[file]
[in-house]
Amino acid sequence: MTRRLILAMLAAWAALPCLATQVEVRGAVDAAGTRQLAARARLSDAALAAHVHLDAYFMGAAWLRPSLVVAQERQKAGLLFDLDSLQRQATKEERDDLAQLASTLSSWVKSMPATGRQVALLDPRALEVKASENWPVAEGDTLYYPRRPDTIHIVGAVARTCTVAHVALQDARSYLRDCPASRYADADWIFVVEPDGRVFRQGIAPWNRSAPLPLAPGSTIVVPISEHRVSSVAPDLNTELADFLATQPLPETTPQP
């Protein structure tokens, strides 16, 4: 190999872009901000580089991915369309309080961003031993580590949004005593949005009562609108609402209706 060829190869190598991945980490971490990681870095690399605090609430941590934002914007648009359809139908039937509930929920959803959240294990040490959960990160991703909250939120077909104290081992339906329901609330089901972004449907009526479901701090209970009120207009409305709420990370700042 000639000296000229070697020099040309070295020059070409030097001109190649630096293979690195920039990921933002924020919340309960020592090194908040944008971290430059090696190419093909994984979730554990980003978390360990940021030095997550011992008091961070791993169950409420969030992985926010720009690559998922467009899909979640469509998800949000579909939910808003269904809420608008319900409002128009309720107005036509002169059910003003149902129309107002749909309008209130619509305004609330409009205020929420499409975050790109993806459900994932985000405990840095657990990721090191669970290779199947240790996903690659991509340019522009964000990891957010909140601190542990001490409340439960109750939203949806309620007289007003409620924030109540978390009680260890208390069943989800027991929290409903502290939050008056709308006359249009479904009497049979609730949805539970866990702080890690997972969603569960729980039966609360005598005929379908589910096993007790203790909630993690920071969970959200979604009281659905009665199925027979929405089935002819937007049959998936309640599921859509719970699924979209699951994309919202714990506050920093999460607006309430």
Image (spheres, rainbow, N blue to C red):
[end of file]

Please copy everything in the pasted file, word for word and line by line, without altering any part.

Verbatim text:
[in-house]
Amino acid sequence: MTRRLILAMLAAWAALPCLATQVEVRGAVDAAGTRQLAARARLSDAALAAHVHLDAYFMGAAWLRPSLVVAQERQKAGLLFDLDSLQRQATKEERDDLAQLASTLSSWVKSMPATGRQVALLDPRALEVKASENWPVAEGDTLYYPRRPDTIHIVGAVARTCTVAHVALQDARSYLRDCPASRYADADWIFVVEPDGRVFRQGIAPWNRSAPLPLAPGSTIVVPISEHRVSSVAPDLNTELADFLATQPLPETTPQP
């Protein structure tokens, strides 16, 4: 190999872009901000580089991915369309309080961003031993580590949004005593949005009562609108609402209706 060829190869190598991945980490971490990681870095690399605090609430941590934002914007648009359809139908039937509930929920959803959240294990040490959960990160991703909250939120077909104290081992339906329901609330089901972004449907009526479901701090209970009120207009409305709420990370700042 000639000296000229070697020099040309070295020059070409030097001109190649630096293979690195920039990921933002924020919340309960020592090194908040944008971290430059090696190419093909994984979730554990980003978390360990940021030095997550011992008091961070791993169950409420969030992985926010720009690559998922467009899909979640469509998800949000579909939910808003269904809420608008319900409002128009309720107005036509002169059910003003149902129309107002749909309008209130619509305004609330409009205020929420499409975050790109993806459900994932985000405990840095657990990721090191669970290779199947240790996903690659991509340019522009964000990891957010909140601190542990001490409340439960109750939203949806309620007289007003409620924030109540978390009680260890208390069943989800027991929290409903502290939050008056709308006359249009479904009497049979609730949805539970866990702080890690997972969603569960729980039966609360005598005929379908589910096993007790203790909630993690920071969970959200979604009281659905009665199925027979929405089935002819937007049959998936309640599921859509719970699924979209699951994309919202714990506050920093999460607006309430």
Image (spheres, rainbow, N blue to C red):